Number of Links in Your Category:
If your category has less than 20 links then it is clear you will be listed next to the other listings. If your site is new and your category has more than 20 links then you may need to buy a category sponsorship to be featured at the top of the category to get the desirable co-citation.
Two other things to look at with the number of links in your category:
If you have a top sponsorship position in your category, or if you are bootstrapping it, and your brand is not that strong yet it may be cheaper to rank your category page than to rank your site off the start.
If your category has few links, or the other listings are not too relevant to your business, do not expect the Yahoo! Directory editors to want to list your site there.
Submitting to Other Directories?
I still think this post from April about web directories and SEO is a good primer for considering the quality of various directories, and how search engines may evaluate them.
A couple things I would add to that post:
Aged sites and/or sites with clean link profiles which are well trusted in Google are given a bit more leniency on what links may count and how many bad links they can get away with. If you have an aged trusted site you may want to dig a bit deeper for links, but for newer or untrusted sites you are best off just getting links from some of the higher quality directories.
If you are applying to become an editor at DMOZ, or other volunteer ran directories, make sure you start with a small category and sell topical passion more than you sell your commercial interests in the topic.
If you submit to a directory which allows multiple deep links with your listing, like Business.com, make sure you consider what pages will earn the most. For example, I have a 600+ page site where about 20% of the earnings come from one page. Getting your top earning pages a few more links can significantly increase their earning potential, but also note that if your deep idea is an uncompetitive niche there might be other links that you can get that will not leave such an obvious roadmap for competitors.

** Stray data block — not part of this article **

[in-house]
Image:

If your brand or core keywords could commonly be misspelled, like Client Side SEM vs Clientside SEM, you may want to submit your site to a couple average to lower quality directories with misspelled anchor text.
We are holding a contest offering a free ticket to attend Elite Retreat. To enter for a chance to win free registration to the Elite Retreat, those eligible can reply via email to firstname.lastname@example.org with their contact information (name, email address, phone number, and mailing address), and their answer to the following question:
"Why should a legitimate business need to worry about SEO?"
Please note that if you win you still have to pay for your airfare and hotel.
Editorial links are...well, editorial links. Rand recently posted about how all the major search engines were in agreement that they would count links as votes from blog reviews bought through sites like ReviewMe:
Tim [Converse] answered first and said that Yahoo! wouldn't try to pick one post out of twenty or fifty on every blog that might be running advertorials or paid reviews just to stop link value from that particular post. If the engine looked at the site and saw that in general, the outgoing links were of high quality, there would be no discount of link value for paid blog material. Adam from Google agreed, but said little in particular. Vivek from Ask was quick to note that if the link were off-topic, Ask would be likely not to give that link much weight, but I pointed out that most advertisers would buy links from highly relevant blogs, not just for the search engine value, but because they wanted the qualified, relevant traffic from click-throughs as well as branding. Eytan from MSN agreed but didn't expand and when Tim Converse from Yahoo! jumped back in to say that it really wasn't worth an engine's time to going picking out paid links with that granularity, all the other panelists were vigorously head-nodding and verbally agreeing.